lacs2‐3 showed a very high permeability of the cuticle (Figure 6), a rapidly appearing strong antifungal activity in leaf diffusates (Figure 8), and very strong resistance to B. cinerea (Figure 7). lcr has a cuticle of intermediate permeability that is not as high as that of lacs2‐3 plants (Figure 6A). Antifungal activities of lcr could only be identified at late time points of the incubation period (Figure 8). In addition, lcr had an intermediate level of resistance to Botrytis that was clearly lower than that of lacs2‐3 plants (Figure 7). The hth mutant did not show any increased cuticle permeability in our experimental settings, no antifungal activities (Figure 8), and no resistance to Botrytis (Figure 7), in accordance with the hypothesis that an increased permeability of the cuticle is necessary for the presence of antifungal compounds and Botrytis resistance.

Toluidine blue diffused through the cuticular membrane of lacs2 and lcr within less than 1 h, whereas antifungal compounds appear only much later on the surface of lacs2 and lcr (18–44 h), indicating that the production of these antifungal compounds has to be induced. Induction studies with different solutions evidenced that the inducer of Botrytis and Sclerotinia resistance in lacs2 plants is most likely a minor component present in PDB. Molecules acting as elicitors could be, for example, cell‐wall degradation products of potato, such as oligosaccharides that have been shown to elicit defence responses (Côté and Hahn, 1994; Ridley et al, 2001). The fact that pretreatment with PDB increases resistance of lacs2 to Sclerotinia indicates that the induction of defence responses is a critical step for this type of resistance.

PDB‐induced defence responses include production of antifungal compounds that are active against certain necrotrophic fungi. Antifungal compounds have also been found in cutinase‐expressing plants and in the bdg mutant (Chassot et al, 2007). PDB diffusates collected from lacs2 plants could be partially inactivated by treatment with lipases, indicating that an acyl group is necessary for the activity of some of its components. Oxylipins are potent antimicrobial compounds and Botrytis is sensitive to some of them (Prost et al, 2005). Oxylipins of plant origin have also been shown to activate biological responses in fungi, showing that oxylipins can be transferred from a plant to a fungus (Tsitsigiannis and Keller, 2006). However, the inactivation of the active compound by lipases is somewhat surprising as Botrytis secretes lipases (Reis et al, 2005). Inactivation may thus also result from an additional activity, that is, an esterase activity, at high enzyme concentrations. Only the determination of the chemical structure of this antimicrobial compound will solve this enigma. In addition, the PDB diffusate from lacs2 lost some activity on treatment with proteinase K. A large number of peptides and antimicrobial proteins are encoded in the Arabidopsis genome, among which are 300 defensin‐like genes (Garçia‐Olemedo et al, 1998; Silverstein et al, 2005). Antimicrobial peptides may thus contribute to the described resistance response. A specific sensitivity of a pathogen to different antimicrobial compounds has been found in a number of cases and could explain why lacs2 is resistant only to Botrytis and Sclerotinia and not to other necrotrophs (Thomma et al, 1999; Prost et al, 2005).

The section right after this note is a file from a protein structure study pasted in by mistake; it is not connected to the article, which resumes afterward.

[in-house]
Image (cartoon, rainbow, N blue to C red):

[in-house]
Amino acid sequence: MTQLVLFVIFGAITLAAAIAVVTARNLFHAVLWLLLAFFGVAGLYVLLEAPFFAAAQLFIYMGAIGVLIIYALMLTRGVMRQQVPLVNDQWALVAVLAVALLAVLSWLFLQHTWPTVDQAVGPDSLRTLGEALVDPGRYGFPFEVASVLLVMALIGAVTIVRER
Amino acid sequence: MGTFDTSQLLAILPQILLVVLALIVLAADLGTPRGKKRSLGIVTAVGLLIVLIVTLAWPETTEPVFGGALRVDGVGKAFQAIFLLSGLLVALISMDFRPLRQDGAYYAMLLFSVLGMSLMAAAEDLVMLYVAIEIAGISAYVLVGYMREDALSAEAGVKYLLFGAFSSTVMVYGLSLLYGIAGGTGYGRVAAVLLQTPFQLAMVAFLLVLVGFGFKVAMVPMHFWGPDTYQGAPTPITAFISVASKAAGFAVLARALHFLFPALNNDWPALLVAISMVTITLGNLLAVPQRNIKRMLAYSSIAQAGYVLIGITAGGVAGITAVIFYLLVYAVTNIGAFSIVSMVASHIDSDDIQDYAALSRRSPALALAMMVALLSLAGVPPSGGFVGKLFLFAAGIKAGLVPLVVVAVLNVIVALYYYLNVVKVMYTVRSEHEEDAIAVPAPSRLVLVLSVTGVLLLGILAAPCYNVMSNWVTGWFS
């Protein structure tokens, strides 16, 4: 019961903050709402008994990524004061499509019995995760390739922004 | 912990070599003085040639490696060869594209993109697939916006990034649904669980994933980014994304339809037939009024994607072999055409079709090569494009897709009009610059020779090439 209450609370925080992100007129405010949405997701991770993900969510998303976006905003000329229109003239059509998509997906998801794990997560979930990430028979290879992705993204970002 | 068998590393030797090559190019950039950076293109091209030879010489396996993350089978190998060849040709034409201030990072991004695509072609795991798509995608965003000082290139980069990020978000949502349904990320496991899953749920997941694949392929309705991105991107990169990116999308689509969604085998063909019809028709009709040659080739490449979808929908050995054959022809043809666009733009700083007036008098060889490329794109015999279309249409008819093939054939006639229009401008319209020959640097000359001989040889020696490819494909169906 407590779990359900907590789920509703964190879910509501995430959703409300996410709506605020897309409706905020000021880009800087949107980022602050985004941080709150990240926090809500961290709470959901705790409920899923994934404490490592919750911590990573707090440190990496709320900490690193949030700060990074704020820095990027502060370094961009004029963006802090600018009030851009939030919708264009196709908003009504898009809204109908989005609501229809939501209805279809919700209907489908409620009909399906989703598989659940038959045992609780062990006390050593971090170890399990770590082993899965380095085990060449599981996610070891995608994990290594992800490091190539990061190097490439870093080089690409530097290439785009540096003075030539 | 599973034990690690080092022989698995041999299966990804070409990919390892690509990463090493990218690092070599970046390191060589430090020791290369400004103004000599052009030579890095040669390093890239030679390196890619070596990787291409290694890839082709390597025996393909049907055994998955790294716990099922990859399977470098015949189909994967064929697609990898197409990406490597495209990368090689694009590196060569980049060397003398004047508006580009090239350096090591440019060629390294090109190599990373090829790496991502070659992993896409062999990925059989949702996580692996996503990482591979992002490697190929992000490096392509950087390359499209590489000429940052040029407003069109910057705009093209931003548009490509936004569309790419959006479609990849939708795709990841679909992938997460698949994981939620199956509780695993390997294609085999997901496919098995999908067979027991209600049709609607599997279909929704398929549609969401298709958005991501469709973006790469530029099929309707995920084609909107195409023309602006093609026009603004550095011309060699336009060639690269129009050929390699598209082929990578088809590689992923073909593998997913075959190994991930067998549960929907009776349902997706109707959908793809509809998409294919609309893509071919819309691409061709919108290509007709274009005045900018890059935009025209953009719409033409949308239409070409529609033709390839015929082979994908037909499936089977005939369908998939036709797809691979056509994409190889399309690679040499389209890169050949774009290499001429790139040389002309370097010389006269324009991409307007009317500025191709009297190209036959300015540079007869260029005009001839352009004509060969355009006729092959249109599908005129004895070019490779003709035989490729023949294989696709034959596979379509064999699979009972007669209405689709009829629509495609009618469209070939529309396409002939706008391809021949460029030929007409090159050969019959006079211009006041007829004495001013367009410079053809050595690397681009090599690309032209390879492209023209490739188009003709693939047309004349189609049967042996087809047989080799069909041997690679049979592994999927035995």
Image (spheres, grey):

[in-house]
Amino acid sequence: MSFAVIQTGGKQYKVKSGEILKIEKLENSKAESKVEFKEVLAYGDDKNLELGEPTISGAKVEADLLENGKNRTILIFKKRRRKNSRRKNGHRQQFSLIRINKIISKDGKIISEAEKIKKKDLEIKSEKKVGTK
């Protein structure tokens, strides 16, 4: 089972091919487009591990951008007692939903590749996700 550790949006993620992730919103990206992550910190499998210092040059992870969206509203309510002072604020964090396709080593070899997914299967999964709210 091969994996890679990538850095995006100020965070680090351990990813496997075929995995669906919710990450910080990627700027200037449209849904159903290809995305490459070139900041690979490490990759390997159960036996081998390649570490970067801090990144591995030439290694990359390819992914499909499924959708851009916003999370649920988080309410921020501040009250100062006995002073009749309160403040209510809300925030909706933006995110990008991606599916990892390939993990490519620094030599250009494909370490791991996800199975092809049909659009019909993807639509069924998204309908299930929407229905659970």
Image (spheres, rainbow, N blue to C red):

A number of different genes conferring Botrytis resistance when overexpressed in WT plants were induced in cutinase‐expressing plants and in bdg (Chassot et al, 2007). Although the genes characterized by Chassot et al were not induced in lacs2 plants under our experimental settings (data not shown), it is well possible that additional defence mechanisms, that is, strengthening of the cell wall, contribute to the resistance to Botrytis upon induction with PDB, explaining why the effect of the PDB diffusate on Botrytis resistance in vivo seems to be stronger than in vitro (50% reduction in hyphal length in vitro results in 100% resistance).

The basis of the resistance described here in plants having a permeable cuticle thus lies in a better perception of elicitors from PDB leading to a number of defence responses, including the release of antifungal compounds, that arrest the invasion of certain necrotrophic pathogens. Most likely both the elicitor and the antifungal compounds are restricted in their diffusion across the cuticle, resulting in the observation that resistance to Botrytis is directly correlated to permeability of the cuticle of different Arabidopsis mutants. Botrytis resistance in permeable cuticle mutants is therefore an example of the importance of the timing of defence responses for the outcome of a plant–pathogen interaction (Tao et al, 2003). The cuticle is usually seen as a protective layer because it slows down interactions between the plant and its environment. We present here an example where this reduced diffusion rate is to the disadvantage of the plant, an aspect of cuticle biology that has not been reported before.

Materials and methods

Plant material

Plants were grown on a pasteurized soil mix under a 12 h light and 12 h dark cycle, with an average night temperature of 16°C (up to 90% humidity) and a day temperature of 20°C (60% humidity). WT plants are Arabidopsis accession Col‐0, obtained from the Arabidopsis Biological Research Center (Columbus, OH). The mutants lcr (lcr1) and hth (hth‐12), both in the Col‐0 background, were obtained from Alexander Yephremov (MPI für Züchtungsforschung, Cologne) (Wellesen et al, 2001; Kurdyukov et al, 2006b). EMS‐mutagenized M2 seeds accession Col‐0 were provided by the laboratories of Chris Somerville, Carnegie Institution of Washington, Stanford, USA and Fred Ausubel, Massachusets General Hospital, Boston, USA. The T‐DNA insertion line in the LACS2 gene (At1g49430) is the GABI‐Kat line 368C02 (Rosso et al, 2003).